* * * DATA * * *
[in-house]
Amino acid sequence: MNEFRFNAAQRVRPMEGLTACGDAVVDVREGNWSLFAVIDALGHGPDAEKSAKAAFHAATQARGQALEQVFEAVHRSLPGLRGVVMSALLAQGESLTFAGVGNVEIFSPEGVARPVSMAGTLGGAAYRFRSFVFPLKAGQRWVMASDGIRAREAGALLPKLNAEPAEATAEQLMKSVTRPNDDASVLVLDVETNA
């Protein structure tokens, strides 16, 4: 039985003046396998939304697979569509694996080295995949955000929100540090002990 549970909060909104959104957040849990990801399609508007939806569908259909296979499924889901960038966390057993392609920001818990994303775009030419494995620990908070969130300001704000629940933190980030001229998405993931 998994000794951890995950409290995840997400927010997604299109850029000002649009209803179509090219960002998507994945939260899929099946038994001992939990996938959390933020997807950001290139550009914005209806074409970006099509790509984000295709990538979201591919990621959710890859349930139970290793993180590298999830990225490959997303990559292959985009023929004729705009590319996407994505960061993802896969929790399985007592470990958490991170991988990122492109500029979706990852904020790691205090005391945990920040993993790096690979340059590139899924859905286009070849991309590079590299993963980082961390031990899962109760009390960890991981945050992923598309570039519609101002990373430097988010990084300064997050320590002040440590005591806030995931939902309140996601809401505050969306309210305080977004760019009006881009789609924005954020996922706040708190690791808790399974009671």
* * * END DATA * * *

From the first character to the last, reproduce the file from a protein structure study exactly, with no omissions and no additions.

[in-house]
Amino acid sequence: MNEFRFNAAQRVRPMEGLTACGDAVVDVREGNWSLFAVIDALGHGPDAEKSAKAAFHAATQARGQALEQVFEAVHRSLPGLRGVVMSALLAQGESLTFAGVGNVEIFSPEGVARPVSMAGTLGGAAYRFRSFVFPLKAGQRWVMASDGIRAREAGALLPKLNAEPAEATAEQLMKSVTRPNDDASVLVLDVETNA
């Protein structure tokens, strides 16, 4: 039985003046396998939304697979569509694996080295995949955000929100540090002990 549970909060909104959104957040849990990801399609508007939806569908259909296979499924889901960038966390057993392609920001818990994303775009030419494995620990908070969130300001704000629940933190980030001229998405993931 998994000794951890995950409290995840997400927010997604299109850029000002649009209803179509090219960002998507994945939260899929099946038994001992939990996938959390933020997807950001290139550009914005209806074409970006099509790509984000295709990538979201591919990621959710890859349930139970290793993180590298999830990225490959997303990559292959985009023929004729705009590319996407994505960061993802896969929790399985007592470990958490991170991988990122492109500029979706990852904020790691205090005391945990920040993993790096690979340059590139899924859905286009070849991309590079590299993963980082961390031990899962109760009390960890991981945050992923598309570039519609101002990373430097988010990084300064997050320590002040440590005591806030995931939902309140996601809401505050969306309210305080977004760019009006881009789609924005954020996922706040708190690791808790399974009671």